All posts tagged Facebook features

This Dr. Pepper campaign isn’t sexist. It’s bad.

Hello, ladies. Look at this ad. Now back to me. Now back at this ad. Sadly, we’re all a little bit sexist, aren’t we?

Dr. Pepper launched a new drink targeting guys called Dr. Pepper Ten. The spot is below.

While good brands massage their tone and messaging to appeal to a specific target, this one is kinda unique because it blatantly excludes females by saying, “Not for Women”. There’s even a Facebook page only visible to guys with such manly gems as The Manly Shooting Gallery and Name Your Sausage (I picked “Chorizo” which wasn’t the right answer.) As if that wasn’t enough, pop-up Man Caves will appear in select US cities.

People are kinda freaking out. Ad Chickadee is asking people to sign a petition to “remove this sexist ad” and respected AdRants said there was “…no reason to pit one sex against the other…”

Do I like this ad? No I do not.
As a guy, does it speak to me? No it does not.
Will I buy this product? No I will not.

But is it sexist? I guess it is by definition but when we still have gender imbalance in income levels and household duties and women are still marginalized by “babes in bikinis” for just about every beer brand on the planet, I think we have more important gender issues to fight for.

As a guy, I don’t connect with this campaign just as I fail to connect with manly ads for pickup trucks, meat-lovers pizza, and domestic beer. Sure, they don’t say, “Not for women” but they might as well. And what about the hundreds of CPG spots that depict the husband as bumbling idiots while their wives do that all-knowing wink to the camera? Are those sexist? Hell, even the toast of ad-town Old Spice claimed that if I stopped using lady scented body wash, I could smell like a chiseled former NFL player. Was it sexist or just targeting burly men who proudly define themselves as one?

I drive a Volvo. I’m not handy. I despise action movies. And I don’t own any Rock ‘em Sock ‘em Hockey DVDs. I can’t be further from the image of men depicted in most advertising. But I’m ok with it because I vote with my dollars by not purchasing those products. I don’t waste my time or space in gender discussions to complain about it. I just say “no thanks” and move on.

Good advertising should always connect with specific people. Some of those people are women who like traditional “girly stuff” or men who like “macho stuff”. And if there aren’t enough guys who relate to a soft drink that is exclusively male then sales will plummet, business will suffer, and people will get fired.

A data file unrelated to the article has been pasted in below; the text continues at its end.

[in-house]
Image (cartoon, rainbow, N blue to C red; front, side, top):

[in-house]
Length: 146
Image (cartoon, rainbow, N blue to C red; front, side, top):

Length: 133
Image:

Ordering them to take it down seems foolish when it’ll come crashing down organically if people vote with their wallets.

Call me old school but I think Dr. Pepper should have the opportunity to fail just like the rest of us.

For part 2 of this, read the post Who’s guilty? Advertising, Paris Hilton, or me?

Please tweet responsibly.

As we’ve seen, social media can be an unbelievable force that can help topple a dictatorship, expose a napping TTC driver or even just convince an airline to improve their customer service.
We citizens literally have the ability to change the world right in the palm of our hand.

If you’ve been treated poorly
or if you hate an ad
or if you don’t approve of a company’s environmental policy
or if you don’t like a political candidate well, choose to vote for someone else.
Or choose to not buy that product.

And while you’re at it, do what you can to convince others to follow your lead. Tweet about it. Start a Facebook page. Comment on a post. Expose the wrong, promote the right and leave the world (or at least a brand’s newsfeed) a little better than you found it.

But with that power comes a noble duty.
Please tweet responsibly.

Bitch about government but cheer about it, too.
Complain about staff who were rude but acknowledge the ones who were nice.
Give a restaurant a bad review but be sure to rave about the places that you love.

And here’s the most important part: If you have commented on, complained about, or campaigned against something or someone in the past, well then go out of your way to compliment them when they deserve it.

It doesn’t make you hypocritical.
And doesn’t mean you have to buy what they’re selling.

It’s just the right thing to do.